After four years as the Celtics “point guard,” they finally wised up on how to use AB and realized that such a bad dribbler should probably stay as far away from ball duties as possible, making him a “shooting guard.” Bradley makes a strong case for “strictly defensive” going before some players’ official positions.

8 Eddie House

via nba.com

Yikes, Eddie House makes it four players in a row with atrocious handles to have worn a Celtics jersey at some point in their NBA career. House played as a career backup guard, switching between shooting and point guard, but playing primarily at the point.

For a player who made a career as a reserve, playing point guard means an entirely different thing than “playing point guard.” It usually involves one of two roles: the defensive role (see Allen or Bradley), which is an easy cross off the list, or the sharp shooter (see Szczerbiak and subtract 6 or 7 inches).

Eddie House is a point guard that never had to run the point… thankfully. Even in the years that he was given the PG title, it was really nothing more than a formality, because he has never had a teammate or coach that trusted him enough to be anything more than a spot up shooter.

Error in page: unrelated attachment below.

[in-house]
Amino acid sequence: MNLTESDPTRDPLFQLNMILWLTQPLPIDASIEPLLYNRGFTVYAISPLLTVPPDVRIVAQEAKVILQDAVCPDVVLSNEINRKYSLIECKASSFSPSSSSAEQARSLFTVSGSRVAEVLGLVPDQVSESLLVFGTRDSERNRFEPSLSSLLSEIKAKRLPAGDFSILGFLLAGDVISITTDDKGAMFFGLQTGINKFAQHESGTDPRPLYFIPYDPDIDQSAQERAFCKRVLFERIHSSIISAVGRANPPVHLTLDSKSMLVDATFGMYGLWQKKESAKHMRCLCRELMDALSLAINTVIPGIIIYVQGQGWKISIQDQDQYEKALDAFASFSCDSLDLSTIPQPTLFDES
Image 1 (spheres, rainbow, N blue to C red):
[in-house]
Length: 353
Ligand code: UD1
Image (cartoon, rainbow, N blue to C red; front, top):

7 Luther Head

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Luther Head was a pretty good player that just couldn’t translate his game to the NBA. Head was only able to last in the league for five seasons before falling to the D-League and eventually going overseas to play. One major problem the University of Illinois product couldn’t overcome was his poor dribbling. Even entering his senior year of college, Head’s subpar handles summed up why his professional career in the States was so short-lived.

“Luther is just too carefree with the basketball, especially in the back court and in the open court. He dribbles the ball high on his body even when defended closely, and was known to dribble right into traps. Luckily for Luther, Dee and Deron are on the Illinois roster and he is not often required to be a point guard in these situations…”

Even when he was only playing NCAA college ball, it was a sigh of relief that Luther had two other future NBA point guards in Deron Williams and Dee Brown, so that he – a senior at the time of that quote who would be first-round draft pick in a year – wouldn’t have to dribble the ball. Yikes.

6 Shaquille O’Neal